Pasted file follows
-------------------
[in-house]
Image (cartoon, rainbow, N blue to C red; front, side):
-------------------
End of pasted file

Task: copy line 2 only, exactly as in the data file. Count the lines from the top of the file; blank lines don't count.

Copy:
Image (cartoon, rainbow, N blue to C red; front, side):